• The entry point lies inside the ELF header, meaning there is executable code inside the header

Using a ptrace-based debugger

Radare2 is able to attach to the process:

$ r2 -d tiny-i386 
Process with PID 6756 started...
= attach 6756 6756
bin.baddr 0x00010000
Using 0x10000
Warning: Cannot initialize program headers
Warning: Cannot initialize section headers
Warning: Cannot initialize strings table
Warning: Cannot initialize dynamic strings
Warning: Cannot initialize dynamic section
Warning: read (init_offset)
asm.bits 32
[0x00010020]> pd 5
            ;-- eip:
            0x00010020      b32a           mov bl, 0x2a                ; '*' ; 42
            0x00010022      31c0           xor eax, eax
            0x00010024      40             inc eax
            0x00010025      cd80           int 0x80
            0x00010027      003400         add byte [eax + eax], dh
[0x00010020]>

For such a small program, something like r2 seems rather heavyweight. There are only 7 bytes of instructions.

One can also roll their own ptrace-based debugger. A good guide for this can be found at How debuggers work: Part 1 - Basics .

Emulation

Emulation is easy in this case since the program is so simple. Emulation is a good solution for this kind of challenge since no information is needed besides the offsets of the first and last instructions. This information can be retrieved manually from a hex dump without needing to parse the header at all.

Here is a script for emulating the binary in the question:

#!/usr/bin/python3

from unicorn import *
from unicorn.x86_const import *
from capstone import *
import struct


BASE = 0x100000
STACK_ADDR = 0x0
STACK_SIZE = 1024 * 1024

def read(name):
   with open(name, 'rb') as f:
      return f.read()

#https://github.com/unicorn-engine/unicorn/blob/master/bindings/python/shellcode.py
# callback for tracing instructions
def hook_code(uc, address, size, user_data):
    instruction = uc.mem_read(address, size)    # read this instruction code from memory
    md = user_data
    for i in md.disasm(instruction, address):
        print(">>> Tracing instruction at 0x%x, instruction size = 0x%x, disassembly:\t%s\t%s" %(i.address, i.size, i.mnemonic, i.op_str))


# callback for tracing Linux interrupt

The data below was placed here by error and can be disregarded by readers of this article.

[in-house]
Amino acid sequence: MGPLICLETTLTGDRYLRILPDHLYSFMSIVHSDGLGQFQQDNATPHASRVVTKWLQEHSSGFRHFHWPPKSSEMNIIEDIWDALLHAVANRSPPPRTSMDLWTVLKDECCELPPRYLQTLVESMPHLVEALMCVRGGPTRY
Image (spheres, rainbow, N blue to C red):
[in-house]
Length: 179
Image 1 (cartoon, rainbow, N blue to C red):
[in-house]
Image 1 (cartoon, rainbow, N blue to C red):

def hook_intr(uc, intno, user_data):
    # only handle syscall
    if intno != 0x80:
        print("got interrupt %x ???" %intno);
        uc.emu_stop()
        return

    eax = uc.reg_read(UC_X86_REG_EAX)
    eip = uc.reg_read(UC_X86_REG_EIP)

    print(">>> 0x%x: INTERRUPT: 0x%x, EAX = 0x%x" %(eip, intno, eax))

    uc.emu_stop()



def main():

    mu = Uc(UC_ARCH_X86, UC_MODE_32)    # initialize emulation engine class
    mu.mem_map(BASE, STACK_SIZE)    # allocate space at base address
    mu.mem_map(STACK_ADDR, STACK_SIZE)  # allocate space for stack

    mu.mem_write(BASE, read("./tiny_binaries/tiny-i386"))   # write file to memory
    mu.reg_write(UC_X86_REG_ESP, STACK_ADDR + STACK_SIZE - 1)   # initialize stack

    md = Cs(CS_ARCH_X86, CS_MODE_32)    # initialize disassembler engine class

    # add hooks
    mu.hook_add(UC_HOOK_CODE, hook_code, md)    # pass disassembler engine to hook
    mu.hook_add(UC_HOOK_INTR, hook_intr)

    mu.emu_start(BASE + 0x20, BASE + 0x27)

    print(">>> Emulation Complete.")

if __name__ == "__main__":
    main()

The following output is produced by the emulated execution of the binary:

$ ./emulate_tiny-i386.py 
>>> Tracing instruction at 0x100020, instruction size = 0x2, disassembly:   mov bl, 0x2a
>>> Tracing instruction at 0x100022, instruction size = 0x2, disassembly:   xor eax, eax
>>> Tracing instruction at 0x100024, instruction size = 0x1, disassembly:   inc eax
>>> Tracing instruction at 0x100025, instruction size = 0x2, disassembly:   int 0x80
>>> 0x100025: INTERRUPT: 0x80, EAX = 0x1
>>> Emulation Complete.